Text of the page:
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Keeping Your Job in a Recession

By: Maggie Lonsdale BA (hons) - Updated: 7 Nov 2012 | comments*Discuss
 
Job Recession Company Demands Perform

There are four key ways that you can recession-proof your job, over and above making sure you are always on time, smart and impeccably behaved. With so many companies finding that they need to cut costs wherever possible alongside falling business demands, it makes sense to be the very best you can be, so when the list of possible redundancies is drawn up, your name isn’t on it.

Perform Well

This is not a time for slacking. During a recession, all companies are keen to be the leanest operation possible, which is very different to the boom years of the 1990s and early 2000s. This may mean that it’s quite a mind shift for people that have only worked in the years where business was consistently growing, invoices were always paid on time, and there was no thought that this could all collapse.

You must perform over and above your job description and you must do so willingly. Unless you secretly want to be Made Redundant because you have a burning ambition to write that novel (and can afford to be without your salary), then you have to cling on to your job because chances are there may not be another one for a while. Do everything you can to meet your targets and go beyond expectations.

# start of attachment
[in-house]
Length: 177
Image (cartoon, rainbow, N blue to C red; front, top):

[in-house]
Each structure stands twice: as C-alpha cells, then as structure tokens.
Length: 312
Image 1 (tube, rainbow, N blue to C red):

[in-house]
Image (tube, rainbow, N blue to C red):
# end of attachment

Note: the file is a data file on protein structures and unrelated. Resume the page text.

Don’t Make Demands

It may not be fashionable to say this, but now is really not the time to be asking for long holidays, sabbaticals or flexible working. It’s not even a good time to have lengthy dental treatment or to be signed off sick by the doctor. Yes, that sounds terrible, and companies would never admit it or they’d be opening themselves up to all sorts of constructive dismissal cases, but the truth is now is the time to get on with your job.

Of course, if you’re ill you need time off, but a cold or a bad headache is not worth calling in sick for or you may find yourself on garden leave.

Save Costs

If there is anyway that you can help your company to be more efficient and save costs, you will be considered a valuable part of the team rather than a headcount that needs reducing. See if there are ways you can promote reduced water, electricity or paper consumption in your department, or suggest only shared taxis are used with public transport at all other times. Crikey, if David Cameron is happy to be walking around Westminster, there’s no reason why managers can’t use their Oyster Card instead of automatically leaping into a costly cab!

Bring in New Business

New business is the Holy Grail during a recession. Everyone is clambering for the same piece of the pie, so if you can be the one that wins it, you’ll be far more likely to hang on to your job when redundancies are announced.

Do whatever you can to Network, build relationships and learn about the project decision makers. By winning new business, you’ll be supporting the company as well as your position in it. It’s the ultimate in recession-proofing so if you’re the one making it happen, you job will be far more secure.

Show Your Potential

Another way to ensure you stay in employment is by impressing the right people in your business. Read Our Guide to showing your potential to the people who make the decisions on redundancy, promotion or pay rises.

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